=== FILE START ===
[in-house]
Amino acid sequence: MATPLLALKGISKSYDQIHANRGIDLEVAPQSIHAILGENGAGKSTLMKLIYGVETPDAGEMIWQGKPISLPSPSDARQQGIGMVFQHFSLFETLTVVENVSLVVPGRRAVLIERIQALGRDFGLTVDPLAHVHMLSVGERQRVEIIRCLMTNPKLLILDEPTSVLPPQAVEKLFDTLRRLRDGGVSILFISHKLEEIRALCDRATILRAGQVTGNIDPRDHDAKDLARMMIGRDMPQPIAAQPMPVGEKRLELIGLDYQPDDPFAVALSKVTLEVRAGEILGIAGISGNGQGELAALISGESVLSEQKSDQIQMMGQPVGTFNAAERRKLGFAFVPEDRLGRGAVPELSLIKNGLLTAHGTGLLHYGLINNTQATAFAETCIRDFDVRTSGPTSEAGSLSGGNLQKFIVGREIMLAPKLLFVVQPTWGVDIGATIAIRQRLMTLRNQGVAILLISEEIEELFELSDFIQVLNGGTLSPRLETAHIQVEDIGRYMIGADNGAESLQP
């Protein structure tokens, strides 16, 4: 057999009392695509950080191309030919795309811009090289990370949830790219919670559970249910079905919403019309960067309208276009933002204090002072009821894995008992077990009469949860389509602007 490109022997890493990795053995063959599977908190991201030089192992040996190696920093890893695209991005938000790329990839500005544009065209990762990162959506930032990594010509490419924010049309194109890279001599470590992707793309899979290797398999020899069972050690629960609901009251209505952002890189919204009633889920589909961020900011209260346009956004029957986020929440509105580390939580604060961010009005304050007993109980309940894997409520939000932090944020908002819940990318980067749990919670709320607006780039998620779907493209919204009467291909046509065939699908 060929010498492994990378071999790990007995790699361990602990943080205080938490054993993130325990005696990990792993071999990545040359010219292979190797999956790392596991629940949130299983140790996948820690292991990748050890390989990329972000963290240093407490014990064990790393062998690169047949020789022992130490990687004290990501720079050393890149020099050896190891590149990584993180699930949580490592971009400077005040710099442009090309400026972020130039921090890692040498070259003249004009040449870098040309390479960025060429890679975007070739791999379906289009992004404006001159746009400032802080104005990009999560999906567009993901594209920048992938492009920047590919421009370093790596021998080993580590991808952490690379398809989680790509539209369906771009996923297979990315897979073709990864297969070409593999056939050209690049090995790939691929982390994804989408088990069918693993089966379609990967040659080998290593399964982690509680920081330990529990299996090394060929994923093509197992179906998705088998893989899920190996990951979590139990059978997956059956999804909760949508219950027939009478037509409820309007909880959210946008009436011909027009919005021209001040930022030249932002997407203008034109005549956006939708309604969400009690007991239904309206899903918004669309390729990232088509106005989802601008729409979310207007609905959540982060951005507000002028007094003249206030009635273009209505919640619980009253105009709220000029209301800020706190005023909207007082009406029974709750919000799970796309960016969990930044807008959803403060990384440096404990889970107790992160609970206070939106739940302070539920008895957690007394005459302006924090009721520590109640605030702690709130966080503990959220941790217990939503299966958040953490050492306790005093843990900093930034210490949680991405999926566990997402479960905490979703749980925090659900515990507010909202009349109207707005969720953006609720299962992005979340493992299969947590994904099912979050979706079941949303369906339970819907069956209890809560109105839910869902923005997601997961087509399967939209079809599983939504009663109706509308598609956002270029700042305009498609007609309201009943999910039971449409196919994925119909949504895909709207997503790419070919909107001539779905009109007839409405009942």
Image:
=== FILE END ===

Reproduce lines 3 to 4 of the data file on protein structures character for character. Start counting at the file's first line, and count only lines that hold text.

């Protein structure tokens, strides 16, 4: 057999009392695509950080191309030919795309811009090289990370949830790219919670559970249910079905919403019309960067309208276009933002204090002072009821894995008992077990009469949860389509602007 490109022997890493990795053995063959599977908190991201030089192992040996190696920093890893695209991005938000790329990839500005544009065209990762990162959506930032990594010509490419924010049309194109890279001599470590992707793309899979290797398999020899069972050690629960609901009251209505952002890189919204009633889920589909961020900011209260346009956004029957986020929440509105580390939580604060961010009005304050007993109980309940894997409520939000932090944020908002819940990318980067749990919670709320607006780039998620779907493209919204009467291909046509065939699908 060929010498492994990378071999790990007995790699361990602990943080205080938490054993993130325990005696990990792993071999990545040359010219292979190797999956790392596991629940949130299983140790996948820690292991990748050890390989990329972000963290240093407490014990064990790393062998690169047949020789022992130490990687004290990501720079050393890149020099050896190891590149990584993180699930949580490592971009400077005040710099442009090309400026972020130039921090890692040498070259003249004009040449870098040309390479960025060429890679975007070739791999379906289009992004404006001159746009400032802080104005990009999560999906567009993901594209920048992938492009920047590919421009370093790596021998080993580590991808952490690379398809989680790509539209369906771009996923297979990315897979073709990864297969070409593999056939050209690049090995790939691929982390994804989408088990069918693993089966379609990967040659080998290593399964982690509680920081330990529990299996090394060929994923093509197992179906998705088998893989899920190996990951979590139990059978997956059956999804909760949508219950027939009478037509409820309007909880959210946008009436011909027009919005021209001040930022030249932002997407203008034109005549956006939708309604969400009690007991239904309206899903918004669309390729990232088509106005989802601008729409979310207007609905959540982060951005507000002028007094003249206030009635273009209505919640619980009253105009709220000029209301800020706190005023909207007082009406029974709750919000799970796309960016969990930044807008959803403060990384440096404990889970107790992160609970206070939106739940302070539920008895957690007394005459302006924090009721520590109640605030702690709130966080503990959220941790217990939503299966958040953490050492306790005093843990900093930034210490949680991405999926566990997402479960905490979703749980925090659900515990507010909202009349109207707005969720953006609720299962992005979340493992299969947590994904099912979050979706079941949303369906339970819907069956209890809560109105839910869902923005997601997961087509399967939209079809599983939504009663109706509308598609956002270029700042305009498609007609309201009943999910039971449409196919994925119909949504895909709207997503790419070919909107001539779905009109007839409405009942």
Image: